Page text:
Saturday, September 8, 2012

Windy Weather

Haiti Update - September 8, 2012

“... The Lord has his way, in the whirlwind and in the storm, and the clouds are the dust of his feet. (Nahum 1:3)

Hi! Haiti is a country that is susceptible to natural disasters. When I went on the internet on Wednesday the first thing I noticed was a breaking news report of an earthquake of 7.6 that hit Costa Rica and that there was a tsunami alert for the Caribbean. I ran outside to tell the people in our yard about the alert and then went back to the computer. The alert was updated and the Caribbean was not at risk for a tsunami. I then went back outside and told everyone that it was a false alarm! I felt sorry for the people living in Costa Rica and figured there must have been a lot of damage, and loss of life, only to find out later that there was just 1 death due to a heart attack during the earthquake and that buildings were still standing in Costa Rica. I hope and pray that construction in Haiti will improve to the same levels as other developed areas of the world.

Last Sunday morning at around 8:00am there was a 3.7 earthquake in Haiti, which was located 4 km south of Leogane and 33km WSW of Port-au-Prince. We never felt anything here at Coram Deo.

A few weeks ago 100 earthquake experts met in the Dominican Republic. Representatives from Caribbean countries attended. What was stressed is that the islands of the Caribbean are located in a seismic zone that is active and that an earthquake of 8.0 may arrive at any moment along with a tsunami risk. A Haitian seismologist stated that another earthquake for Haiti is imminent and could happen at any time. There is a strong possibility/certainty that Cap Haitien will one day suffer the same fate as Port-au-Prince did. Wednesday’s earthquake in Costa Rica sure is a reminder to be aware!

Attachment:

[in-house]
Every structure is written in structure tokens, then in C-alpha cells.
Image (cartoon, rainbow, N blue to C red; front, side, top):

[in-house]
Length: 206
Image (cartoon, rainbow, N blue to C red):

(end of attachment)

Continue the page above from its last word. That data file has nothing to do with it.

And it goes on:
We are in the middle of hurricane season and Haiti was visited by Tropical Storm Isaac almost 2 weeks ago. We monitor the National Hurricane Centre’s website daily to monitor the progress of storms. There was a possibility that Isaac would form into a Category 1 Hurricane before passing through Haiti. The storm slowed down as it neared Haiti. We thought we would see effects in the afternoon but it wasn’t until late in the evening that Isaac showed its’ effects.

The winds started and soon my cell phone rang. Someone we know that lives in a refuge camp called to say that the winds were causing problems and that the people were scared and praying. Isaac never reached hurricane strength when it hit Haiti and everyone is thankful for that, but even as a tropical storm a lot of damage was caused by flooding and the winds. We never had flying projectiles of coconuts going through the yard but the flying projectiles of almonds falling off the tree and hitting the tin roof of the kitchen shelter sure made a lot of noise! A window screen fell onto my bed and I decided that I didn’t want to lie in bed anymore and checked out the house instead. The winds eventually died down and then there was just the rain.

In the morning we checked out how Port-au-Prince weathered the storm and in some places there were large tree branches that had fallen. The government had work crews out removing debris from the storm. Some tents in the refuge camps were destroyed. We saw the Grise River was full with storm runoff and flooding its’ banks in some places. The bridge in Croix-des-Missions was closed to vehicular traffic due to the flooding river. In the Gressier region the Momanse River was enlarged by 50 meters by the flooding waters.

The most damage was done in the South-East and West (Port-au-Prince) departments of the country. 165 camps were affected by Isaac. 18 refuge camps were evacuated by civil protection officials. 15,812 families were evacuated from the camps, 24 people lost their lives either in landslides, drowning or electrocution, and 42 people were injured. Tents were ripped by the winds as well as tin roofs being ripped off of homes. It wasn’t just the refuge camps where the storms effects were felt. In one government report it was stated that 1,144 homes were flooded, 1,005 homes destroyed and 6,040 homes damaged. 8,189 families are now homeless after the storm.